4 Revenge Of The Revenant

Speaking of desire, the lore of revenants is particularly apt for the resurrection of player characters who have yet to complete the revenge meted out in their backstory. According to the revenant's lore, these monsters arise from the souls of those who met a particularly cruel or undeserving fate. Revenants exist for one reason: to claim revenge against the one responsible for their mortal demise.

Consequently, this is a great method of resurrection for characters who die at the hands of a current arc's BBEG or their character's own personal backstory villain. The addition of a revenant to the party is also an interesting story mechanic as traveling with the undead isn't exactly an acceptable thing to do by the standards of most mortals. Just know ahead of time that once the revenant claims its revenge, its soul will then forever rest in the afterlife.

3 Keening Spirit

In the same vein of introducing a zombie to the party, this method of resurrection will see a player character return as a ghost. Ghosts are spirits who return to the worlds of the living due to incredible trauma, unfinished business, or an intense bond formed with an item or another creature. If the player character who died was particularly attached to a weapon, spellcasting focus, or other trinket, this makes for a very interesting way of bringing them back from the dead.

Perhaps the player character returns to see that the item or creature they are bonded with accomplishes a certain goal, or maybe their spirit simply wished to be near the item or person for as long as spiritually possible. For example, it could be that if the item or other player character the ghost is attached to is broken or killed, the ghost player character finally departs to the afterlife. Whatever the case, introducing a ghost player character is very cool.

2 Scientific Wonder

What could be more creative than resurrecting a player character as a member of the undead? How about turning them into a construct! Maybe the only NPCs nearby at the time of a player character's death are gnome or goblin engineers with a tendency for taking their inventions a little too far. For the right price, they might be able to restore some semblance of life to the player character's body using their brilliant artificing skills.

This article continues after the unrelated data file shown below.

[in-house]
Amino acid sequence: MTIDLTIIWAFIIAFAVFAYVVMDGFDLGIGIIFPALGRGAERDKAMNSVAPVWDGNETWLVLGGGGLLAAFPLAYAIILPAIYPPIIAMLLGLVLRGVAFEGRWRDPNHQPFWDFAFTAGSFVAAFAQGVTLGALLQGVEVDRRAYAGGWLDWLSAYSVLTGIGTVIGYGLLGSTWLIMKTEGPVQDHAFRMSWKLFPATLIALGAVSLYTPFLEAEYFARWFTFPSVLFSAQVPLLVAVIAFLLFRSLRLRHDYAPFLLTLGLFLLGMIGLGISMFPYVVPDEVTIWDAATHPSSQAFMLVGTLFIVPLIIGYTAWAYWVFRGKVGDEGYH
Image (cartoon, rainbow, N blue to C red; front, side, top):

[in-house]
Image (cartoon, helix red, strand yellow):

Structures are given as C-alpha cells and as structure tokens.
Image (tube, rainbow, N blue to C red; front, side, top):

Furthermore, the warforged player race from Eberron provides the perfect outline for resurrecting a player character in this manner. Players who are especially interested in science fiction, robots, or the spelljammer setting might be especially open to this kind of development.

1 Adventure To The Underworld

Last but not least, there's always the good old story of the party venturing into the underworld to take back the soul of their party member themselves. This is a particularly long-winded method of resurrection for most games, but that's partly what makes it the most epic. There's nothing that tells a player that the rest of the players at the table care about their character than the lot of them deciding to go on a deadly adventure to bring their dead player character back to their side.

It should be mentioned that if you choose to go for this method, the player whose player character is dead is going to need to play another adventurer during the journey to restore his old character's life. This adventurer could be a friend, family member, or other NPC that bonded with the player's dead character and wants to see him resurrected just as much as the party. Alternatively, they could be a servant of a god the dead player character worshipped who has come to help the party restore their God's righteous servant. Whatever you decide, this is no doubt one of the most epic ways to resurrect a player character and is sure to provide a memorable adventure for everyone involved.